Yes has been ruled ineligible to win the SSM postal vote after admitting that it is a citizen of several other languages.
“Yes has not taken any steps to denounce its citizenship of the French language where it is known as “oui” or Spanish where it is called “si”. We also found that it is entitled to British citizenship as a result of its descent from the old English word “gese” on its grandfather’s side”, ruled High Court judge Jess Bench. “No is also ineligible due to it being a German citizen called “nein” and therefore the whole ballot will have to be run again using words with Australian citizenship only.”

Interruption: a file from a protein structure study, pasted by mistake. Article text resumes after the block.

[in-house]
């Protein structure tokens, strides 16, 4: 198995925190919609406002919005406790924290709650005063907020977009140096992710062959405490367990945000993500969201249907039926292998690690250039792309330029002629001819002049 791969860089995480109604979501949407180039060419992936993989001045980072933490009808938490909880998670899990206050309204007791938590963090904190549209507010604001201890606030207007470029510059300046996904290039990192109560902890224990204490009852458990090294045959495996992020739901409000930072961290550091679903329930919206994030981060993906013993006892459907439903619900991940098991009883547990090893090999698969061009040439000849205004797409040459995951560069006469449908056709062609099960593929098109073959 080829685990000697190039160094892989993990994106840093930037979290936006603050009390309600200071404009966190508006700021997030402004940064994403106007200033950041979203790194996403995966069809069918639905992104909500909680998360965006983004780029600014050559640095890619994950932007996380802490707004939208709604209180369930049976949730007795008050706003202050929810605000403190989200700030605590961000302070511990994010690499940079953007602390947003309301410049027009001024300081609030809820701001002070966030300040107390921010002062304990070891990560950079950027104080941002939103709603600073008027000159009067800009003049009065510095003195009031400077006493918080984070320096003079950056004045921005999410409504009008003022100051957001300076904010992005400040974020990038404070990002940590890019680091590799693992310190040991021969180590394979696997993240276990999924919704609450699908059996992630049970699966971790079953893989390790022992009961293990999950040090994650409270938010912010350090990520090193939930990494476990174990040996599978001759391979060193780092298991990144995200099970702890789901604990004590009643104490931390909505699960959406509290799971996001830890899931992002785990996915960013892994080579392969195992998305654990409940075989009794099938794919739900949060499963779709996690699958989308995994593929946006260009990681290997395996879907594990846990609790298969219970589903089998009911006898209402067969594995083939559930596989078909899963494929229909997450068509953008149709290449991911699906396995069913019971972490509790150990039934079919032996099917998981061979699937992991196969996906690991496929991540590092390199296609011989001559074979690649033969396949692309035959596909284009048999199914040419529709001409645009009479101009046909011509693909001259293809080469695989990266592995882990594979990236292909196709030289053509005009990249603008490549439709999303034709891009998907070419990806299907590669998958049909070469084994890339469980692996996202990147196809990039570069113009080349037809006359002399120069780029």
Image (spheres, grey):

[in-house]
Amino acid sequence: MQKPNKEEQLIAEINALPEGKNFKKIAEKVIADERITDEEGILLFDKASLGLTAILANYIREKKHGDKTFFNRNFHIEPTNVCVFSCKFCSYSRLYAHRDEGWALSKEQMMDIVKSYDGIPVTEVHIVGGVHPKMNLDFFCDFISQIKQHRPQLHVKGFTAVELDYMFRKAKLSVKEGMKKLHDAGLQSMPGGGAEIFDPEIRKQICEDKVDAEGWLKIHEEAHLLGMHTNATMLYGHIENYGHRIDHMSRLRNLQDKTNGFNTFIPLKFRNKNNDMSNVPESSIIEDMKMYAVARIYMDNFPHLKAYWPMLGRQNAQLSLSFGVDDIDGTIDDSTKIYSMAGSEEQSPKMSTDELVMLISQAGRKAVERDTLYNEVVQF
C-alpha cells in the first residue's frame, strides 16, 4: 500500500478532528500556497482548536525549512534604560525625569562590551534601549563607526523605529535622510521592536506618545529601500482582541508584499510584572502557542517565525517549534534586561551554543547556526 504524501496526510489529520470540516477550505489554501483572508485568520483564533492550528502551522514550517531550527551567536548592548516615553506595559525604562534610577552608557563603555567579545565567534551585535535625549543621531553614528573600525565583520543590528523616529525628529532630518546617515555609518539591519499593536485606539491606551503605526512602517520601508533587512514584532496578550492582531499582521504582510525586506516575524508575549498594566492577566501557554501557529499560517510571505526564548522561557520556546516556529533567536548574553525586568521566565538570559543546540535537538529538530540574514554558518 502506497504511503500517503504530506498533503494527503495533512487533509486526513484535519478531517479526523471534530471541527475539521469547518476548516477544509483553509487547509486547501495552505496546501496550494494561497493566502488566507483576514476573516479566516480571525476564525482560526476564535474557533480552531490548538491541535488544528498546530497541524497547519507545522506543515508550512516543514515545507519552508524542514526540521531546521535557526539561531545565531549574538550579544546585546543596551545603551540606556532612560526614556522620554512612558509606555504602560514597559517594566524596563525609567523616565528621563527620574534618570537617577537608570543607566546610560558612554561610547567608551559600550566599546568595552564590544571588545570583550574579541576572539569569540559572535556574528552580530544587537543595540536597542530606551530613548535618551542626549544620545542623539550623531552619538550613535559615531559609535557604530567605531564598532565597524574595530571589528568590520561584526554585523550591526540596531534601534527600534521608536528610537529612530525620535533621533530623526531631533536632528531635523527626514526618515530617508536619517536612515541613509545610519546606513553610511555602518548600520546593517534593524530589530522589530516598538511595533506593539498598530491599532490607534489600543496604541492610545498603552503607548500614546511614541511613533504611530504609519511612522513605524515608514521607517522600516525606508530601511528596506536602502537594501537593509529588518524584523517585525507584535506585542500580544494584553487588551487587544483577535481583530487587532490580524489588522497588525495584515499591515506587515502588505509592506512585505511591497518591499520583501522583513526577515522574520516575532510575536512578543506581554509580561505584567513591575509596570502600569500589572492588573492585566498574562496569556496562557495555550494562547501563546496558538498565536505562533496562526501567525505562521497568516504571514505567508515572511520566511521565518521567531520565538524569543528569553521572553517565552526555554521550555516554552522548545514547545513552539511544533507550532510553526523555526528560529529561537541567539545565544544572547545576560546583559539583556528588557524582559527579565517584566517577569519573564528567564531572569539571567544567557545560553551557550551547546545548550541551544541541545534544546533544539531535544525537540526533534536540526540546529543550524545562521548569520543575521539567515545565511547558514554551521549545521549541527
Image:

“We will be proposing “fuckin’ay” as the replacement for Yes and “ya got buckleys” as the replacement for No,” said ABS representative Jim Sigma. “We’ve also considered using “good onya (non-sarcastic)” for Yes and “good onya (extremely sarcastic)” for No.”
There has been a bipartisan call for all words in the Macquarie Dictionary to have to produce their etymological credentials before the publication of the next edition.